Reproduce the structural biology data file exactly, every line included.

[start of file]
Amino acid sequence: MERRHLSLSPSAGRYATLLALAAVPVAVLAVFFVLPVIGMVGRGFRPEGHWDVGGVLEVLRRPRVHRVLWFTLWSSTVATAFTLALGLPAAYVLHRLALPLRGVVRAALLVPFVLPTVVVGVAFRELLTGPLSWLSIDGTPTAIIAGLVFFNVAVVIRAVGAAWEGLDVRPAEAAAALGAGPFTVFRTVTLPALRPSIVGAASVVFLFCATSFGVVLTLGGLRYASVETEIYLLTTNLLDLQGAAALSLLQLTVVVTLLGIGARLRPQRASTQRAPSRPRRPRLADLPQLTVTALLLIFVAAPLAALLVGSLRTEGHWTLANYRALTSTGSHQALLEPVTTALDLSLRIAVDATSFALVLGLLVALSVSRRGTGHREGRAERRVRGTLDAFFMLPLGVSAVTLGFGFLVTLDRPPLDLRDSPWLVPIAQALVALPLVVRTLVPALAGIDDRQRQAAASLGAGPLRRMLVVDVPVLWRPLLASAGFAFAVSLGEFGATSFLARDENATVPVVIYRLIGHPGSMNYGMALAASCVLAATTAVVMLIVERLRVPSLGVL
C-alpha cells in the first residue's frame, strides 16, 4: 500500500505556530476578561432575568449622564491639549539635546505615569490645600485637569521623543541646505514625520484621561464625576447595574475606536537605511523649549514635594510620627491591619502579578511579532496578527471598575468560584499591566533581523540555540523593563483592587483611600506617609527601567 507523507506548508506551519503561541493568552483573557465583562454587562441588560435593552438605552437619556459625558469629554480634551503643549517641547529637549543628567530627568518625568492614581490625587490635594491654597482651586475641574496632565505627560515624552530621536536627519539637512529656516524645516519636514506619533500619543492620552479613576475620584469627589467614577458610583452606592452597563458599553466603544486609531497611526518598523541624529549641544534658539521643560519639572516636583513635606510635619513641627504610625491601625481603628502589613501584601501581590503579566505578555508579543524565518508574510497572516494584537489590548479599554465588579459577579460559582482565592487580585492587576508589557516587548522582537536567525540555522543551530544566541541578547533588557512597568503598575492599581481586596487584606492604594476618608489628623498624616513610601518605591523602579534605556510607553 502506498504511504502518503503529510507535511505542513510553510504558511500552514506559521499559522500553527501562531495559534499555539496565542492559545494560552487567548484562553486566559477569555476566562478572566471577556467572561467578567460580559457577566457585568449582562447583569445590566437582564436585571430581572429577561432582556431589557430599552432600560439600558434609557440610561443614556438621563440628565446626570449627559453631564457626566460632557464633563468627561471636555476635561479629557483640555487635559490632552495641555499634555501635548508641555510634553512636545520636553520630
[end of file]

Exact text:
Amino acid sequence: MERRHLSLSPSAGRYATLLALAAVPVAVLAVFFVLPVIGMVGRGFRPEGHWDVGGVLEVLRRPRVHRVLWFTLWSSTVATAFTLALGLPAAYVLHRLALPLRGVVRAALLVPFVLPTVVVGVAFRELLTGPLSWLSIDGTPTAIIAGLVFFNVAVVIRAVGAAWEGLDVRPAEAAAALGAGPFTVFRTVTLPALRPSIVGAASVVFLFCATSFGVVLTLGGLRYASVETEIYLLTTNLLDLQGAAALSLLQLTVVVTLLGIGARLRPQRASTQRAPSRPRRPRLADLPQLTVTALLLIFVAAPLAALLVGSLRTEGHWTLANYRALTSTGSHQALLEPVTTALDLSLRIAVDATSFALVLGLLVALSVSRRGTGHREGRAERRVRGTLDAFFMLPLGVSAVTLGFGFLVTLDRPPLDLRDSPWLVPIAQALVALPLVVRTLVPALAGIDDRQRQAAASLGAGPLRRMLVVDVPVLWRPLLASAGFAFAVSLGEFGATSFLARDENATVPVVIYRLIGHPGSMNYGMALAASCVLAATTAVVMLIVERLRVPSLGVL
C-alpha cells in the first residue's frame, strides 16, 4: 500500500505556530476578561432575568449622564491639549539635546505615569490645600485637569521623543541646505514625520484621561464625576447595574475606536537605511523649549514635594510620627491591619502579578511579532496578527471598575468560584499591566533581523540555540523593563483592587483611600506617609527601567 507523507506548508506551519503561541493568552483573557465583562454587562441588560435593552438605552437619556459625558469629554480634551503643549517641547529637549543628567530627568518625568492614581490625587490635594491654597482651586475641574496632565505627560515624552530621536536627519539637512529656516524645516519636514506619533500619543492620552479613576475620584469627589467614577458610583452606592452597563458599553466603544486609531497611526518598523541624529549641544534658539521643560519639572516636583513635606510635619513641627504610625491601625481603628502589613501584601501581590503579566505578555508579543524565518508574510497572516494584537489590548479599554465588579459577579460559582482565592487580585492587576508589557516587548522582537536567525540555522543551530544566541541578547533588557512597568503598575492599581481586596487584606492604594476618608489628623498624616513610601518605591523602579534605556510607553 502506498504511504502518503503529510507535511505542513510553510504558511500552514506559521499559522500553527501562531495559534499555539496565542492559545494560552487567548484562553486566559477569555476566562478572566471577556467572561467578567460580559457577566457585568449582562447583569445590566437582564436585571430581572429577561432582556431589557430599552432600560439600558434609557440610561443614556438621563440628565446626570449627559453631564457626566460632557464633563468627561471636555476635561479629557483640555487635559490632552495641555499634555501635548508641555510634553512636545520636553520630